Start with a midweek, non-national-TV billing, sprinkle in Boston's overhauled roster and a loss-filled season. Heck, even LeBron James elected to snack on a McFlurry while resting his achy back rather than suit up at TD Garden.
Then Rajon Rondo hit the floor, glaring at everybody in a red uniform like a bull at a matador, and proceeded to take over the way he used to, as if the calendar said May instead of March.
Rondo came up a point shy of a triple-double while putting up nine points, 15 assists and 10 rebounds over 38 minutes, 47 seconds. Even while tip-toeing through foul trouble, he took over the game late, hitting a pair of runners over the final 104 seconds as Boston emerged with a 101-96 triumph that snapped a four-game losing streak.
Rondo was asked after what the win meant. "Nothing," he offered.
He was lying. These games always mean more. The rivalry has changed for sure, but when the Celtics put together their 2013-14 season DVD (probably not going to be a big seller), it'll be decorated with highlights from the three meetings between the Celtics and Heat -- but especially the bookend games that helped Boston steal the season series.
Jeff Green provided maybe the highlight of the campaign when he hit an impossible buzzer-beating 3-pointer over James during a November trip to Miami. Wednesday's win wasn't nearly as heart-stopping, but it was no less savored.
The Celtics could have lost their past 19 games of the season and few observers would have even blinked. Heck, many Celtics fans would have celebrated the additional pingpong balls generated by such a feat.
But Boston coaches and players are so darn competitive that most losses burn them like an ulcer. And in each of their past three outings, the Celtics had rallied from big deficits to give themselves a chance to win each game, only to watch a brief lapse in execution send them to defeat again.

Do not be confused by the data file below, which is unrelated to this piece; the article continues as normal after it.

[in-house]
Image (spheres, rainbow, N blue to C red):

So forgive Celtics coach Brad Stevens if he was looking for a bottle of Pepto to chug when Chris Andersen's wide-open putback dunk tied the game at 94 with 3:38 to play.
The Celtics, having rallied from as much as 14 down, had led by six just a couple of minutes earlier, but now the momentum was shifting. The team needed two offensive rebounds before Jeff Green hit a clutch 3-pointer with 2:33 to go, but Boston wasn't out of the woods.
Lucky for the Celtics, Rondo had seen enough. Clinging to that three-point cushion, the Celtics watched Chris Bosh miss a short jumper and Udonis Haslem looked like he was going to come away with the rebound. Instead, Rondo got his oversized mitts around the ball and managed to wrestle it from Haslem's hands, forcing a jump ball with 2:04 to play.
Despite giving up about 7 inches in height, Rondo was quicker to the ball and tapped it back to Green before asking for it right back. The Heat blitzed him on the right side, but he patiently waited for Haslem to retreat, and seeing old, umm, friend (?) Ray Allen shading him to the opposite side, Rondo attacked on the baseline and kissed a floater off the glass with 1:44 to go.
When Miami missed a chance to tie the game with less than a minute to play, Rondo grabbed his 10th rebound and dribbled down the shot clock before attacking on the baseline again, this time getting an 8-foot floater to drip into the net before Chris Bosh could scramble over to help.
A defiant Rondo, who entered the game shooting 13.8 percent on shots between 5 and 9 feet and cursed his lack of touch as he works his way back from ACL surgery, was asked about the two floaters after the win.
"It's about time," he said. "It's about time some of my floaters finally dropped."
Go ahead and put an asterisk on this one because James didn't play. Or lament the victory because it caused Boston to actually vault a bit in the standings (the Celtics, who previously owned the fourth-worst record in basketball, are now tied with their other rivals, the Lakers, for the fifth-worst mark overall).
But the Celtics wanted this one. Rondo wanted it. And things kinda felt like old times with the Garden rocking throughout the second half and roaring to Rondo's late-game exploits.
C'mon, admit it, Rondo. This one had to feel good.
"It was a good win," he submitted. "We needed a win. We needed to play better at home. And we did that tonight."
And you did it against the Heat, keeping this rivalry flickering a tiny bit as the Celtics try to get back to a place where they're routinely competitive against all the top teams in the league.